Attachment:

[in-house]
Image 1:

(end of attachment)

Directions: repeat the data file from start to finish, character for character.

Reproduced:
[in-house]
Image 1: